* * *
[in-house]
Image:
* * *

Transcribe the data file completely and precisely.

[in-house]
Image: